Thich Nhat Hanh Joins Plum Village Sangha to Open Annual Winter Retreat
The renowned Zen Buddhist monk and teacher Thich Nhat Hanh (known affectionately as Thay), joined his Plum Village community on Tuesday for the beginning of the sangha’s annual 90-day winter retreat. Plum Village expressed its happiness that Thay, who turned 90 last month, was strong enough to join the community for the opening ceremony after an extended period of ill health: “After missing two years of Winter Retreat in a row, the sangha is delighted that Thay’s health is now strong enough for him to offer his all-embracing compassionate, fearless presence to the whole community at this key moment of the year.” (Plum Village)
Thay was hospitalized in France in November 2014, following a severe brain hemorrhage. After months of rehabilitation, he was released from the stroke clinic at Bordeaux University Hospital in April 2015 and returned to Plum Village, where attendants from the monastery and visiting medical professionals continued to aid his recovery. On 11 July 2015, Thay was flown to San Francisco to undergo a more intensive rehabilitation program at the UCSF Medical Center. In September 2015, Thay spoke his first words since his stroke and the following January was allowed to return to Plum Village, where he has remained under the care of the members of his community.
Known as the “Face to Face Ceremony,” the members of the sangha assembled to commit to taking spiritual refuge for the entire duration of the retreat, the biggest of its kind in Europe, involving more than 200 monastics, and 100 lay practitioners. Thay and the visiting venerables offered incense at the altar, before the community chanted the New Heart Sutra, translated by Thay. The abbot and abbesses of the three Plum Village hamlets then came forward to formally take refuge in Thay. Plum Village noted that the abbess of New Hamlet, Sister Dinh Nghiem, and the abbot of Upper Hamlet, Brother Phap Huu, had also been absent from Plum Village for the past two winters as they had been caring for Thay during his recovery.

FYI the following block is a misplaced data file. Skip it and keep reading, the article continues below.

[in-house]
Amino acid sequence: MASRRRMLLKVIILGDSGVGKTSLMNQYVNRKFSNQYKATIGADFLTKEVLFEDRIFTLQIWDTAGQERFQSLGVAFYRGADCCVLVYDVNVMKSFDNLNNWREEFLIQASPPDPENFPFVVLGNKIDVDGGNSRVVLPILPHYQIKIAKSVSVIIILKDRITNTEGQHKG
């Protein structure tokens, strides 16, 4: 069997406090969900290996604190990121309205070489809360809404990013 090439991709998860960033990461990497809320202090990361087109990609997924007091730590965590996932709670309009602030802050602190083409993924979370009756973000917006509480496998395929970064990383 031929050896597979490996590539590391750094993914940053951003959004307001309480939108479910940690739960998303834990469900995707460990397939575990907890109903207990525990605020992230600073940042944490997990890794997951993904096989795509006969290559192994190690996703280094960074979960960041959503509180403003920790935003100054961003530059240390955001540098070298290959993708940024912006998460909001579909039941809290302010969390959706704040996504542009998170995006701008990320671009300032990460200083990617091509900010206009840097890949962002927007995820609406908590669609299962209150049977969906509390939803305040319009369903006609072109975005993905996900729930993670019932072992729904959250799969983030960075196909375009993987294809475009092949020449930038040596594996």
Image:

Plum Villages describes the retreat as a time for the community’s resident monastics to study together and deepen their practice over the 90-day period, for the duration of which they remain inside the monastery: “It is a time for everyone to deepen and strengthen our spiritual roots. The emphasis is on generating a powerful collective energy of mindfulness, as we live, practice, and work together with a full schedule of Plum Village mindfulness practices six days a week.” (Plum Village)
As the ceremony concluded, the community knelt to formally take refuge with the abbot and abbesses, the sangha elders, and Thay, before bowing to “touch the earth,” and offering merit to ancestors and all sentient beings.
Thay, born Nguyen Xuan Bao on 11 October 1926, is an influential Zen teacher, poet, and the author of more than 100 books. As an active advocate for peace, he was influential in the anti-war movement, encouraging non-violent protests during the Vietnam War. Thay founded the Order of Interbeing and the Unified Buddhist Church, and in 1982 established the Plum Village Buddhist Center in France with his colleague Sister Chan Khong. He has been a central figure in the transmission of Buddhism to the West and in marrying an authentic Zen tradition and lineage with a progressive approach to issues such as social activism, science versus faith, and religion versus spirituality.
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